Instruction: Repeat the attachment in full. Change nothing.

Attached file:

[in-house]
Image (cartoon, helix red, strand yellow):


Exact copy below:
[in-house]
Image (cartoon, helix red, strand yellow):